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Offline gcalex

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Re: I feel terrible
« Reply #3 on: December 28, 2012, 08:02:19 PM »
Seychelles you are absolutely right about possible benzo withdrawal experiences but you have the biochemistry a little oversimplified, it's about GABA receptors not GABA levels, changes in the sensitivity of those receptors, etc. 

From Wikipedia:

The neuroadaptive processes involved in the dependence and withdrawal mechanisms implicate both the GABAergic and the glutamatergic systems.[80]
 
Gamma-Aminobutyric acid (GABA) is the major inhibitory neurotransmitter of the central nervous system; roughly one-quarter to one-third of synapses use GABA.[81] GABA mediates the influx of chloride ions through ligand-gated ion channels called GABAA receptors. These receptors are bound to the post-synaptic nerve cells. When chloride enters the nerve cell, the cell membrane potential hyperpolarizes thereby inhibiting depolarization, or firing of the nerve cell. [82] Benzodiazepine potentiates the action of GABA, [83] by binding to the γ2 subunit of the receptor.[84] When potentiation is sustained by long-term use, neuroadaptations occur which result in decreased GABAergic response.
 
It has been postulated that when benzodiazepines are cleared from the brain, these neuroadaptations are "unmasked", leading to unopposed excitability of the neuron.[85] The exact reason for the reduced responsiveness has not been elucidated but down-regulation of the number of receptors has only been observed at some receptor locations including in the pars reticulata of the substantia nigra; downregulation does not appear to be a general mechanism at other locations.[86] Other hypotheses include changes in the receptor conformation, subunit composition, receptor phosphorylation, decrease in GABA production, uncoupling mechanisms between the drug and the receptor, or compensatory increased gutamatergic activity.[80]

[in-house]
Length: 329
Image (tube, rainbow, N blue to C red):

Glutamate is the most abundant excitatory neurotransmitter in the vertebrate nervous system.[87] Increased glutamate excitatory activity during withdrawal may lead to sensitization or kindling of the CNS, possibly leading to worsening cognition and symptomatology and making each subsequent withdrawal period worse.[88][89][90]


Also, from everything I have read taking oral GABA is only a placebo because it doesn't cross into the brain and in any event the issue is not low GABA levels in people withdrawing from benzos, it's much more complex than that.
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Offline seychelles311

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Re: I feel terrible
« Reply #4 on: December 28, 2012, 09:50:09 PM »
Yes, I've heard it that it is a placebo as well, but I've also heard that it's debatable.  The info I got was from my naturopathic doctor, and you're definitely right, it was oversimplified.  She gave me a bunch of information verbally and I tried to repeat it here as best I could but I couldn't remember a lot of the details.  I'm actually currently in the process of obtaining my doctorate in naturopathic medicine, but I'm only 2 years into my degree and have many years to go and a lot to learn.   ;D